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Fairfield residents oppose supportive housing project

An exterior view of the Christ Church Cathedral School building on Vancouver Street and the Mount Edwards building next to it. - Don Denton/Victoria News
An exterior view of the Christ Church Cathedral School building on Vancouver Street and the Mount Edwards building next to it.
— image credit: Don Denton/Victoria News

With shelters in Victoria operating at a 120 per cent capacity, the need for supportive housing has never been stronger. But Don McTavish with the Victoria Cool Aid Society believes they may have found the perfect building to provide more housing and ease the strain on city shelters.

The former Mount Edwards Court Care Home in Fairfield is now being eyed by Cool Aid for a low barrier, supportive housing project.

Located at 1002 Vancouver St., the facility was formerly used as an 80-room residential building for seniors. One of the many reasons it appeals to Cool Aid is that it has a courtyard for clients to relax outside and feel part of the community, and the building is already set up with small units complete with two-piece bathrooms, staff rooms, a built-in kitchen, dining area and lounge.

“Renovations to a building like this aren’t that difficult to do because it’s already laid out in such a way that people can have their own small spaces,” said McTavish, adding the building is close to amenities resident already frequent downtown.

“It’s a pretty good fit. It’s similar to what we would build if we have the choice, plus it’s been in the neighbourhood for a long time...There’s not many buildings like this around.”

According to McTavish, the proposed project is different from other shelters like Rock Bay Landing (which is used night by night) in that it’s a housing program like its buildings on Pandora and Swift Street that will have a more stable population of 80 to 100 people.

Low barrier housing means there isn’t a requirement for people to be living clean lives in order to access support services such as life skills training, medical care and rehabilitation programs, as long as they don’t engage in drug or alcohol activities in common areas.

A minimum of two staff will be on site. The goal is to build a community, added McTavish, which includes a mix of people with various needs.

But not everyone is on board.

Despite having conversations with immediate neighbours — like Christ Church Cathedral School (located across the street), which serves 190 children aged three to 14 — several concerns still linger.

The board of directors for the Christ Church Cathedral Educational Society once aimed to achieve mutual goals and address issues proactively, but is now opposed to the proposal following a meeting that left many feeling the project would have a significant impact on students.

A coalition of residents, property owners, seniors and parents (called the Mount Edwards Community Awareness Coalition) has also formed, voicing concerns over the safety of the neighbourhood if a number of residents with mental health problems and addictions move in.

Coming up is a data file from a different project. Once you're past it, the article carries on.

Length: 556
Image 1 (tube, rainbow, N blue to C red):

Specifically, the coalition is concerned about the location, size and scope of the proposed housing, along with the amount of staff to resident ratio compared to similar facilities elsewhere. It also claims there hasn’t been an adequate level of meaningful consultation with local residents.

“Fairfield has more supportive housing than any other area in Victoria and everyone in this group is proud of that. It’s part of our diversity and what makes it interesting,” said coalition chair Emory Haines, a member of the diocese who’s done outreach work in the community. The more he learned about the project, however, the more he became convinced it wasn’t a good proposal.

“Nobody in this group has ever spoken out about any supportive housing or any facilities in the area because those facilities are appropriately sized and staffed. We are really concerned because this one isn’t...We don’t think this proposal makes sense anywhere.”

McTavish admits Cool Aid doesn’t have all the answers right now, but he doesn’t believe there’s no such thing as an inappropriate location for supportive housing when the right supports are in place and the facility is designed well. He noted that a similar, much larger building in Vancouver is located across the street from a school and has no issues. He’s also toured an addiction recovery building in Portland that shares a large park with a daycare, and Cool Aid’s 112-unit on Pandora has pre schoolers coming into the gym every morning. McTavish has also repeatedly heard such housing should be built in a residential area in order to introduce homeless people into the community — a task he said is often difficult because of fears from both the public and homeless.

“Our clients are a little nervous about being out in public. I think people feel invisible, they feel ignored, they feel marginalized, not welcome so that’s not a great place to come from,” said McTavish. “We’re just in desperate need of a whole range of housing and supportive housing is one of those categories so this is huge...It can be done well. We want to work with them (the community) to do it well and to make sure it is a well run, safe example of a community coming together.”

The project is still not a done deal. The cost to purchase the property is $3.5 million. So far, Cool Aid has raised $1.8 million and has until the end of February to come up with the additional $1.7 million. The total cost, including renovation is $9 million.

 


 

 

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